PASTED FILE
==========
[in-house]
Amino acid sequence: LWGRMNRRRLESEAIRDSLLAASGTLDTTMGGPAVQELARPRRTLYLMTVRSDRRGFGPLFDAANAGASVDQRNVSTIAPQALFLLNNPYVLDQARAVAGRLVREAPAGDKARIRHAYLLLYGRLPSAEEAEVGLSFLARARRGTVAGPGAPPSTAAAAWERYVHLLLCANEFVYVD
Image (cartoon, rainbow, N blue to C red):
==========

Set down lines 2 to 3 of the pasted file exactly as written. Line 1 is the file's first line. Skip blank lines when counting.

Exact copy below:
Amino acid sequence: LWGRMNRRRLESEAIRDSLLAASGTLDTTMGGPAVQELARPRRTLYLMTVRSDRRGFGPLFDAANAGASVDQRNVSTIAPQALFLLNNPYVLDQARAVAGRLVREAPAGDKARIRHAYLLLYGRLPSAEEAEVGLSFLARARRGTVAGPGAPPSTAAAAWERYVHLLLCANEFVYVD
Image (cartoon, rainbow, N blue to C red):